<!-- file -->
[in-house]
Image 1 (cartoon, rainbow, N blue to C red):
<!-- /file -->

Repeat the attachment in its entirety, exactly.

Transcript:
[in-house]
Image 1 (cartoon, rainbow, N blue to C red):